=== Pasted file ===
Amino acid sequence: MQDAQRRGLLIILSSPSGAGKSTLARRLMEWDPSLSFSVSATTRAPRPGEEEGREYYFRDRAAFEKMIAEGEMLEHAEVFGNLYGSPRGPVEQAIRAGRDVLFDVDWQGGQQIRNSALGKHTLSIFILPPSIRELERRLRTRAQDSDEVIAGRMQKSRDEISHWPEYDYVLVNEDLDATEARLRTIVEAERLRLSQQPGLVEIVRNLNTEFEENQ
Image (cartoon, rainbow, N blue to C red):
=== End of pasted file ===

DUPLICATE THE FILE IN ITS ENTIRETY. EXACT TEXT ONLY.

Amino acid sequence: MQDAQRRGLLIILSSPSGAGKSTLARRLMEWDPSLSFSVSATTRAPRPGEEEGREYYFRDRAAFEKMIAEGEMLEHAEVFGNLYGSPRGPVEQAIRAGRDVLFDVDWQGGQQIRNSALGKHTLSIFILPPSIRELERRLRTRAQDSDEVIAGRMQKSRDEISHWPEYDYVLVNEDLDATEARLRTIVEAERLRLSQQPGLVEIVRNLNTEFEENQ
Image (cartoon, rainbow, N blue to C red):